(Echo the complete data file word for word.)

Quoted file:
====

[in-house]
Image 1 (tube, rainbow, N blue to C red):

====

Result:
[in-house]
Image 1 (tube, rainbow, N blue to C red):